Learning how to clean vintage French fabric such as linen, cotton and hemp will enable you to make use of your vintage fabric items more readily and make it possible to care for them properly when they become soiled. In the case of vintage French linen in particular, it is important to prepare it so the threads in the fabric are strengthened to enable the fabric to endure washing. Here are a few helpful guidelines for cleaning vintage French fabric to preserve it for years of use.
- Soak any unused or never-washed vintage French fabric for at least 12 hours before washing it for the first time. This may be done in the washing machine or a bathtub. Clean the washer first to remove any detergent residue. Fill the washer or tub with hot water and soak your item.
- Wash the French fabric by hand for the first few times to help strengthen the threads in the fabric. Using a washing machine initially will weaken the thread, especially for linen fabrics. Once the vintage fabric has been washed by hand a few times, it becomes tempered and can be washed on a gentle cycle in the machine thereafter.
- Place clothing or other vintage French fabrics in good condition loosely in the washing machine and use hot water. This works well to clean vintage fabrics such as cotton, linen blends, hemp or pure linen. Hot water was always used in the "good old days" and it makes the fabrics brighter and whiter.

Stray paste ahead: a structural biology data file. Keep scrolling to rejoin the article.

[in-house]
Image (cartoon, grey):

- Had wash any vintage French fabrics that are delicate or in fragile condition. Use a net textile or lingerie bag or a white sock and fill it with delicate items before washing. This protects the vintage fabric and keeps the threads from being pulled during the cleaning process.
- Dry vintage French fabric outdoors on a clothesline in the sunlight. Washing in hot water and drying in the sun helps to whiten vintage fabrics like linen and cotton and contributes to a wonderful fresh scent. If outdoor drying is not possible, use a clothes dryer for the shortest period possible and until the items are completely dry.
- Iron the freshly washed and dried French fabric. Let the fabric dry completely before trying to iron. Stretch it back into shape to restore its form before starting to iron. Iron on the reverse side to protect any embroidery or satin stitching on delicates. Push and pull the vintage fabric with both hands during the ironing process. This helps work out creases that form in French linen.
Although handling and cleaning vintage French fabric may be a little more difficult than working with modern fabrics, the rewards are many. Vintage linens and cotton have a look and feel that is unsurpassed by today's fabric and it is worth taking the time to work with it for the joy of having it to use.
- Light starch may be added to give vintage French fabrics a crisp finish.
What Others Are Reading Right Now.
Acting, comedy and strong spirits converge in Speakeasy. When host Russell Peters interviews entertainers about all sorts of topics, neither the drinks nor the conversation is wate …
6 Signs the Beard Is Just Not Working for You
You may need to grab a razor and ditch the facial fuzz.
How to Turn (Almost) Every Lady’s Head
Top female stylists share their favorite men’s looks.